/ 19 April 2007

Poll: Sarkozy, Royal pull ahead in French election race

France’s presidential election on Sunday looks set to be a traditional contest between the main right and left parties as a bid by a centrist candidate to mount a challenge loses steam, a poll on Thursday showed.

With three days to go before the first round of the election, the race appears to be between former interior minister Nicolas Sarkozy and Socialist Ségolène Royal as the challenge from centrist Francois Bayrou fades.

The survey from pollsters BVA, one of the last before the weekend, showed law-and-order hardliner Sarkozy on 29 points in the first round, ahead of Royal on 25, Bayrou on 15 and far-right veteran Jean-Marie Le Pen on 13.

The other eight candidates, who stretch across the political spectrum, were well adrift.

Le Pen stunned France in 2002 by knocking then-Socialist candidate Lionel Jospin out of the race, before going on to be crushed by President Jacques Chirac in the run-off.

With up to 40% of voters yet to make up their mind or uncertain of their choice, the candidates are criss-crossing France to try to bolster their vote.

The influential newspaper Le Monde urged the French on Thursday to set up a classic left-right second-round contest by voting for Royal or Sarkozy, saying they had the most coherent programmes and the strongest teams for eventual government.

”It is important that in the second round, our ‘old and dear country’ can say clearly where it wants to go,” it said in an editorial, without choosing between the two frontrunners.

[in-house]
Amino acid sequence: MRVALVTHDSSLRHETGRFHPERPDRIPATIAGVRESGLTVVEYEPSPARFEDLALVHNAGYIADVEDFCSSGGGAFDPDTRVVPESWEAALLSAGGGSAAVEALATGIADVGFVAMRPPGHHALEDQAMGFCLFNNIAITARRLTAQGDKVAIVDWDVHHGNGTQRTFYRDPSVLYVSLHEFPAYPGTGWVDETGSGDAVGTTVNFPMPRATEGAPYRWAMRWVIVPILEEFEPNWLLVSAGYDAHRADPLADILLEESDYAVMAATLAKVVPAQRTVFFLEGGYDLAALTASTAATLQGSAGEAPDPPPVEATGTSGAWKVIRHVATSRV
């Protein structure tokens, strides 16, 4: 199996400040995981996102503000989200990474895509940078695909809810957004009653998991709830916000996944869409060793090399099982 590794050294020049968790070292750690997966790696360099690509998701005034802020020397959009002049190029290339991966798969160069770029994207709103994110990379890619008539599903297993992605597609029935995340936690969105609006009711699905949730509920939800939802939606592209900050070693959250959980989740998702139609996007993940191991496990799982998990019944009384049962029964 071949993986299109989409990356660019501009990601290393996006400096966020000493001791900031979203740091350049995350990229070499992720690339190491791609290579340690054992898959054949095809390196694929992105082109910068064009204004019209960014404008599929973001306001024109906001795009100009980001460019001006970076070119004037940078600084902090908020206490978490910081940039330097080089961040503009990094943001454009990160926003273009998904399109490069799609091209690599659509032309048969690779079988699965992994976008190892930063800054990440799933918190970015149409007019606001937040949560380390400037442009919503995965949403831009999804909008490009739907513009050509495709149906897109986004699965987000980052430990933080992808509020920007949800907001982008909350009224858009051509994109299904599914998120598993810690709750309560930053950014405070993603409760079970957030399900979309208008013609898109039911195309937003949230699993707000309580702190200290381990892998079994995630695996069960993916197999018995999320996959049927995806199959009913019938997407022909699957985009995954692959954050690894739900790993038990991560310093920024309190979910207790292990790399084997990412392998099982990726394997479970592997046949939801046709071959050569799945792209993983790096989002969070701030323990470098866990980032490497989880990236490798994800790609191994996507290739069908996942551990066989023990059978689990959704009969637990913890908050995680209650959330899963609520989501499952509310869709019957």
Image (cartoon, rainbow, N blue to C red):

Opinion-poll leader Sarkozy, whose high-octane personality has been vilified by opponents in recent days, launched an operation dubbed ”72 hours to win” on Thursday, promising events right up to the eve of the election to win over the undecided.

”This operation is important because lots of people have not yet chosen,” he wrote on his internet blog. ”Now is the time to whip up support and enthusiasm.”

Suburb support

Sarkozy, who made a name with his tough crackdown on riots in France’s poor suburbs in 2005 and who is the most economically liberal of the candidates, has frightened many voters who consider him excessively authoritarian.

His rivals have stepped up attacks on his character and accused him of trying to steal votes from Le Pen.

Presenting herself as someone who could heal France’s social rifts, Royal promised on Thursday to help the poor high-rise suburbs that ring many cities and were hit by rioting in 2005.

”These neighbourhoods are not a problem but a solution to France’s problems because they are a reservoir of energy.”

Royal, who combines a left-wing economic platform with an emphasis on traditional social values, is fighting back after a rocky campaign strewn with gaffes led many to question her competence to become France’s first woman president.

The election campaign has run against a background of worries over jobs, immigration and security, but increasingly focused on the personalities of the main candidates.

Both candidates have had to face sniping from their own sides and a series of quickie campaign books accusing them variously of incompetence and arrogance have been best sellers.

Sarkozy and Royal hold their last major rallies on Thursday night — the former in the port city of Marseille and the latter in the southern city of Toulouse, where she will receive the backing of Spanish Prime Minister Jose Luis Rodriguez Zapatero. — Reuters